A Donna Summer musical, a Romeo and Juliet ballet, and five other things to do in Toronto this week

A Donna Summer musical, a Romeo and Juliet ballet, and five other things to do in Toronto this week

Photo courtesy of Mirvish

A sizzling disco legend
1Donna Summer, the unrivalled disco queen whose sexy dance numbers ruled the charts in the late 1970s and early 1980s, is taking up residency at the Princess of Wales. The Broadway jukebox musical Summer gives us not one but three Donnas, as a trio of performers embody the singer from her preteen years in a gospel choir through her disco breakthrough and later career. They serve up more than 20 of her hits, including classics like “Love to Love You Baby,” “Bad Girls” and “Hot Stuff.” March 10 to 22, Princess of Wales Theatre.


Photo by Bruce Zinger

Shakespeare on pointe 
2The superstar Russsian-American choreographer Alexei Ratmansky first created this production of Romeo and Juliet in 2011. Nine years later, he continues to electrify audiences with a series of ensemble pieces combining classical and folk elements conjuring the timeless tale of star-crossed lovers. March 11 to 22, Four Seasons Centre for the Performing Arts.


A festival of laughs
3The Toronto Sketch Comedy Festival returns with its annual showcase of emerging talents from across the country. One of this year’s highlights is Whyte Wyne & Young Riesling, a high-energy hip-hop act about two wannabe MCs forced to move from Toronto to the prairies to take over a Chinese restaurant. Also showing at the festival is Gender? I Hardly Know Them, a rapid-paced sketch show featuring two non-binary performers that creators Sydney Campbell and Elena Eli Belyea describe as Nanette meets Baroness Von Sketch. Until March 15, Various locations.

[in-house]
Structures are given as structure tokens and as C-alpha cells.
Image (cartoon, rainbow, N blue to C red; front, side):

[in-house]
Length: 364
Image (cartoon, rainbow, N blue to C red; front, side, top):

Work by Hannah Busse

A natural exhibition
4“Global weirding” is the focus of Grow Op 2020, an event that invites audiences to experience thought-provoking installations like OCAD grad Hannah Busse’s “the Living Room Student” exploring the themes of weather and climate through the lens of contemporary art. This four-day festival celebrates innovative ideas and conceptual responses to urbanism, environmental sustainability, and landscape design. March 12 to 15, Gladstone Hotel.


Photo courtesy of Janus Films

A toddler-friendly ball
5Director Jennie Livingston’s 1991 documentary Paris is Burning is a beautiful, heartbreaking chronicle of Harlem’s drag ball scene. Decades later, voguing competitions continue to provide a safe space for Black and Latinx LBGTQ communities to escape daily struggles alongside their chosen families. The film was recently restored in vibrant new colours and will be screened with the Babes in Paradise series for parents with kids 12 months or younger. March 10, Paradise Theatre.


An inclusive dance show
6Toronto’s DanceWorks is teaming up with Ottawa’s Propeller Productions on their upcoming double bill of Flesh and Spokes and Spasticus. In Flesh and Spokes, characters work their way around the stage connecting and performing with hula hoop-sized metal rings. The latter’s title is inspired by British post-punk musician Ian Dury’s empowering 1981 disabled anthem, “Spasticus Autisticus.” March 13 and 14, Fleck Dance Theatre.


Photo courtesy of Green Living Show

A fresh beginning
7In its 14th year, the Green Living Show has earned an impressive rep as North America’s largest consumer event dedicated to simple solutions for a healthy and sustainable lifestyle. For 2020, it will feature a deep dive into the decline of oceans, local food and drink offerings, and an environmentally friendly fashion village. March 13 to 15, Metro Toronto Convention Centre.


March 9, 2020

A previous version of this story incorrectly stated that this is the second year of the Toronto Sketch Comedy Festival.